A mast cell is a resident cell of several types of tissues and contains many granules rich in histamine and heparin...

s and released only into the vasculature at sites of tissue injury. It has been proposed that, rather than anticoagulation, the main purpose of heparin is defense at such sites against invading bacteria and other foreign materials. In addition, it is conserved across a number of widely different species, including some invertebrates that do not have a similar blood coagulation system.

Heparin structure

Native heparin is a polymer with a molecular weight ranging from 3 kDa
Atomic mass unit
The unified atomic mass unit or dalton is a unit that is used for indicating mass on an atomic or molecular scale. It is defined as one twelfth of the rest mass of an unbound neutral atom of carbon-12 in its nuclear and electronic ground state, and has a value of...

 to 30 kDa, although the average molecular weight of most commercial heparin preparations is in the range of 12 kDa to 15 kDa. Heparin is a member of the glycosaminoglycan
Glycosaminoglycan
Glycosaminoglycans or mucopolysaccharides are long unbranched polysaccharides consisting of a repeating disaccharide unit. The repeating unit consists of a hexose or a hexuronic acid, linked to a hexosamine .-Production:Protein cores made in the rough endoplasmic reticulum are posttranslationally...

 family of carbohydrates (which includes the closely related molecule heparan sulfate
Heparan sulfate
Heparan sulfate is a linear polysaccharide found in all animal tissues. It occurs as a proteoglycan in which two or three HS chains are attached in close proximity to cell surface or extracellular matrix proteins...

) and consists of a variably sulfated repeating disaccharide
Disaccharide
A disaccharide or biose is the carbohydrate formed when two monosaccharides undergo a condensation reaction which involves the elimination of a small molecule, such as water, from the functional groups only. Like monosaccharides, disaccharides form an aqueous solution when dissolved in water...

 unit.
The main disaccharide units that occur in heparin are shown below. The most common disaccharide unit is composed of a 2-O-sulfated iduronic acid
Iduronic acid
L-Iduronic acid is the major uronic acid component of the glycosaminoglycans dermatan sulfate, and heparin. It is also present in heparan sulfate although here in a minor amount relative to its carbon-5 epimer glucuronic acid....

 and 6-O-sulfated, N-sulfated glucosamine, IdoA(2S)-GlcNS(6S). For example, this makes up 85% of heparins from beef lung and about 75% of those from porcine intestinal mucosa.
Not shown below are the rare disaccharides containing a 3-O-sulfated glucosamine (GlcNS(3S,6S)) or a free amine group (GlcNH3+). Under physiological conditions, the ester
Ester
Esters are chemical compounds derived by reacting an oxoacid with a hydroxyl compound such as an alcohol or phenol. Esters are usually derived from an inorganic acid or organic acid in which at least one -OH group is replaced by an -O-alkyl group, and most commonly from carboxylic acids and...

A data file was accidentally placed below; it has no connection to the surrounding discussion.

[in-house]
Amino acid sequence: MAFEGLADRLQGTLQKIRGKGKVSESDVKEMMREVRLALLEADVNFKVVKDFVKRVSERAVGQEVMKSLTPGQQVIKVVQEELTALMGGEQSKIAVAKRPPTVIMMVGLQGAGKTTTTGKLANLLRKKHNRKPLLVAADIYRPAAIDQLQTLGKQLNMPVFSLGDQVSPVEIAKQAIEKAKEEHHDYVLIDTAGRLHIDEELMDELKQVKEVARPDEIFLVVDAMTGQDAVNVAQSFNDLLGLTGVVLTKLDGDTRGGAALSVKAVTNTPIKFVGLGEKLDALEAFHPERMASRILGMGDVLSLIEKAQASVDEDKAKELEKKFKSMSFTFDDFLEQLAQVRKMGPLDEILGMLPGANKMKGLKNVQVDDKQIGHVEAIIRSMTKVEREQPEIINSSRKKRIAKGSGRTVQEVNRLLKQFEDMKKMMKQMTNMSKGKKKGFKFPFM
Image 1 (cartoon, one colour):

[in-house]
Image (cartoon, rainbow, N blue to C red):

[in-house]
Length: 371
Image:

and amide
Amide
In chemistry, an amide is an organic compound that contains the functional group consisting of a carbonyl group linked to a nitrogen atom . The term refers both to a class of compounds and a functional group within those compounds. The term amide also refers to deprotonated form of ammonia or an...

 sulfate groups are deprotonated and attract positively charged counterions to form a heparin salt. It is in this form that heparin is usually administered as an anticoagulant.

One unit of heparin (the "Howell
William Henry Howell
William Henry Howell, Ph.D., M.D., LL.D., Sc.D. was an American physiologist. He pioneered the use of heparin as a blood anti-coagulant....

 Unit") is an amount approximately equivalent to 0.002 mg of pure heparin, which is the quantity required to keep 1 mL of cat's blood fluid for 24 hours at 0 °C.

Abbreviations

  • GlcA = β-D-glucuronic acid
    Glucuronic acid
    Glucuronic acid is a carboxylic acid. Its structure is similar to that of glucose. However, glucuronic acid's sixth carbon is oxidized to a carboxylic acid...

  • IdoA = α-L-iduronic acid
    Iduronic acid
    L-Iduronic acid is the major uronic acid component of the glycosaminoglycans dermatan sulfate, and heparin. It is also present in heparan sulfate although here in a minor amount relative to its carbon-5 epimer glucuronic acid....

  • IdoA(2S) = 2-O-sulfo-α-L-iduronic acid
  • GlcNAc = 2-deoxy-2-acetamido-α-D-glucopyranosyl
  • GlcNS = 2-deoxy-2-sulfamido-α-D-glucopyranosyl
  • GlcNS(6S) = 2-deoxy-2-sulfamido-α-D-glucopyranosyl-6-O-sulfate

http://www.google.co.in/imgres?q=heparin&hl=en&safe=active&sa=X&biw=1440&bih=708&tbm=isch&prmd=imvns&tbnid=JEsjEcggntlQoM:&imgrefurl=http://www.stoptheclot.org/learn_more/blood_clot_treatment.htm&docid=8UPDy9Tr3pw5_M&imgurl=http://www.stoptheclot.org/images/natt_other_art/anim_hep.gif&w=530&h=442&ei=5UyeTsjtJoHVrQfe8rSqCQ&zoom=1&iact=rc&dur=366&sig=116398142964580690664&page=1&tbnh=170&tbnw=187&start=0&ndsp=16&ved=1t:429,r:0,s:0&tx=64&ty=2

Three-dimensional structure

The three-dimensional structure of heparin is complicated by the fact that iduronic acid
Iduronic acid
L-Iduronic acid is the major uronic acid component of the glycosaminoglycans dermatan sulfate, and heparin. It is also present in heparan sulfate although here in a minor amount relative to its carbon-5 epimer glucuronic acid....